If your cat starts regularly chewing on fabric, is that a normal cat behavior? What about sudden aggression? We’re often asked about what behavior is normal vs abnormal cat behavior. Cats are curious creatures with many unique and sometimes unusual behaviors. This is why they have earned the reputation of being the mysterious pet companion.
Each cat has their own personality and preferences, and many behaviors that cats exhibit can be chalked up as instinct. These behaviors probably include sitting perched on the counter, napping in the sunniest part of the room, and chasing anything that moves. Other behaviors such as scratching furniture or yowling may be undesirable but are still considered normal cat behavior. Some behaviors, though, can indicate physical or abnormal behavioral problems with your kitty.
The team at Union Lake Veterinary Hospital wants to help you better understand normal vs. abnormal cat behavior. It is our aim for you to be able to recognize any behavioral red flags that might mean trouble.
Normal Cat Behavior
Despite the fact that your cat is one of a kind, most cats exhibit at least some predictable behaviors that are common to their species. You’ve likely seen most of them. You can gauge your cat’s “baseline” of behavior by watching some of the activities they engage in and noting them. Like most of us, cats form daily habits that you can note just by taking some time to see what they do in a day.
Normal cat behavior includes:
- Jumping up on counters and other high places – As much as you wish for your cat to stay off of counters, they still want to perch somewhere high. This is a part of their instinct to have a clearer view of their prey and an advantage in pouncing on them. Why not add a few window perches and cat trees for their pleasure? This will deter them from using the back of the couch and other off limits spots.
- Stalking and pouncing – The object of their hunt may be anything from a sock, piece of foil, or a catnip mouse, but cats love to hunt. From kittenhood, your cat learned the ropes on stalking (hiding somewhere) and pouncing (on a determined form of prey). Most of the time, this behavior is adorable unless your ankle is their prey. It’s a good idea to give them plenty of catnip mice and other toys, if so.
- Kneading your lap – Also known as ‘making biscuits’, cats like to knead anything soft and squishy, which can include your lap, a blanket, or a pillow. As kittens, cats must knead the area around their mother’s teats to produce milk. This action forms a soothing and positive connection with the act of kneading, and is a purr-fectly normal behavior.
- Grooming – Cats spend up to 30% of their time awake grooming themselves. It is also normal for cats to groom each other.
- Teeth chattering – Ah, yes. Many cat owners ponder why cats produce a teeth chatter or clicking sound when they watch birds or other wildlife. This sound is actually not a normal form of communication, but it is likely a sound of frustration or anticipation. This soft bleating is often seen with tail twitching, another indicator of frustration.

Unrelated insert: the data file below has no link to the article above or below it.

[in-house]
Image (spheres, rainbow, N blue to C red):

- Bunting and head butts – Bunting is the name for when your cat rubs their cheeks against things, including pant legs and furniture. This instinct is a way that cats in the wild mark their territory on trees and rocks. Scent glands are in the cheeks, which release when your cat rubs their face on items. Head butts are another playful way of marking you and getting your attention.
- Nighttime play – Wild cats hunt at dusk and early dawn, and often wander through the night when they remain undetected. Your cat may be recalling their wild ancestors by waking up at midnight for a quick (noisy) rumble in the cat tunnel or open paper bag. Tire your cat with games before bedtime then ignore your cat if they wake you in the night.
- Cat noises – Yowling, meows, hissing, and spitting are examples of normal cat noises. Some cats are normally more vocal than others.
Abnormal Behavior in Cats
Yes, your favorite kitty does love to do some strange things, but most of the time they are normal activities. While normal cat behavior varies from cat to cat, there are certain common abnormal behaviors. These may stem from fears, anxieties and obsessive-compulsive behavior, or they may indicate a physical problem. Cats are social creatures so behavioral issues can also stem from lack of socialization. Be on the lookout for any unusual or sudden changes in their normal routine. Some red flag behaviors include:
- Excessive self-grooming (hyperesthesia, psychogenic alopecia)
- Accidents and other litter box problems
- Changes in eating and drinking
- Eating nonfood items (pica)
- Sucking on wool or chewing fabric
- Hiding more often
- Sleeping more
- Sudden aggression or fear
- Crying while in the litter pan
Consult with us if any of the signs arise in your cat, or anytime you feel like something is off with them. Your instincts in knowing your cat’s normal vs. abnormal behavior are often accurate.
If you would like more information on normal vs. abnormal cat behavior, or would like to schedule a wellness examination, please call us. We also offer cat behavior services to understand and help modify cat behavior issues.